If 2022 represented the return to normal, how would you describe the year ahead? I can think of four themes that will capture our focus this year. In many ways, they are continuations of trends that stretch back for years. However, with business and general aviation’s accelerated growth over the last three years, these things are now more urgent.
One priority is the need for widespread adoption of safety management systems in business aviation, as in airline travel. Presently, Part 91 and 135 operators who offer commuter and on-demand operations, and some conducting air tours with various aircraft types, are subject to different requirements. While business aviation has a low accident rate—comparable to airlines—when there is an accident or incident in the business aviation industry, the ensuing corrective mandates don’t follow the same path as those for commercial air carriers.
This is because these operators aren’t required to have the same safety systems as the airlines. The FAA established the safety management system (SMS) requirements for Part 121 operators in 2015, giving them less than 40 months to develop and implement acceptable SMS programs, and by March 2018, there was 100 percent compliance. Yet, the FAA doesn’t mandate air medical services, air taxis, or on-demand flights to have the safety management systems, flight data recorders and systems,and safety-critical training practices that are required of passenger-carrying airline operations. While some operators have adopted SMS under the FAA’s voluntary program, it’s only a dozen or so out of more than 2,000 charter operators in the U.S.
But that is about to change. Long an NTSB most wanted list item, SMS requirements for air carriers operating under Parts 21, 91, 135, and 145 are currently under development and the FAA plans to publish a Notice of Proposed Rulemaking for these regulations in Fall 2023.
Fast-tracking the industry’s sustainability initiatives is another top priority, and in 2023, you can expect to see an upshift into another gear. One feature that makes this possible is the Inflation Reduction Act passed in August 2022, which took effect January 1, 2023, and gives sustainable aviation fuel (SAF) providers tax provisions to boost production. The IRA allocates a $1.25 per gallon tax credit for each gallon of SAF sold. To claim the credit, SAF producers must demonstrate that the fuel can cut greenhouse gas emissions by 50 percent as part of a qualified mix compared to regular jet fuel.
More broadly, the U.S. Department of Energy, U.S. Department of Transportation, U.S. Department of Agriculture, and other federal agencies have set a Grand Challenge to boost research, development, and production of SAF. Their goal is to get to 3 billion gallons per year by 2030 and 35 billion gallons per year by 2050. That’s the same year the industry has committed to being net-zero in carbon emissions, but we have a long way to go.
In 2022, according to the International EnergyAgency, global SAF production was approximately 26.4 million gallons a year, or about 0.1 percent of all aviation fuel. The International Air Transport Association indicated in an October 2021 study that for airlines to reduce emissions to meet the 2050 net-zero goal, SAF would be needed to reduce up to 65 percent of emissions. It estimated that electric and hydrogen solu-tions would contribute 13 percent to the reduction, while more efficient operations and infrastructure would add another 3-percent improvement. The GA sector is playing its part, with various FBO chains boosting their capacity, and 2023 could prove to be a year in which SAFis not only widely produced but also widely available.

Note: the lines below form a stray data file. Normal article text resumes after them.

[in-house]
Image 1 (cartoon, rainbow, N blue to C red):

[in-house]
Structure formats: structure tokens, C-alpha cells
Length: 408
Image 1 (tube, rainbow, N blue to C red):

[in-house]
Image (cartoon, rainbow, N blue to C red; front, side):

People in the Workforce
Another trend in sharp focus is the industry’s workforce challenge. While some sectors have been able to attract, recruit, hire, train, and keep talent, 2022 was a year in which the whole industry—business, commercial, general, and even military aviation—was prevented from hitting its stride because it simply couldn’t find the talent it needed. Indeed, it was acute at the pilot level, but manufacturers also felt it, struggling to find skilled workers to make critical equipment for aircraft.
Depending on the state of the broader economy,some of the demand felt across the industry by people clamoring for air travel in 2022 might wane, giving us time to catch our breath. But, if the trends persist and travel proves to be a non-discretionary commodity, this could be an interesting year. As we’ve learned through thepandemic, successful recruitment is no longer about compensation but increasingly about flexibility. Companies wishing to grow will have to be creative to find the people they need to support their businesses.
Finally, innovation remains a key driver. In 2021, a bevy of emerging aerial air mobility and future technology ventures became publicly traded companies promising to shake the industry up by late 2023 into 2024. However, progress toward certification has been incremental and arguably cosmetic. With investors tightening their belts amid a shakier economy, this year could be the make-or-break one for some of these enthusiastic upstarts. Progress will need to be tangible, or there could be fierce consolidation across players, at best. Regulators will also need to play their part. To be clear, the industry needs winners because innovation moves us forward, or as they say, a rising tide lifts all boats.
Plenty is at stake in 2023. At the heart of each trend are people like you and me, who have the opportunity to make meaningful contributions and move the industry forward. I encourage you to give your best efforts. See you at work!
This article was originally published in the February 2023 Issue 934 of FLYING.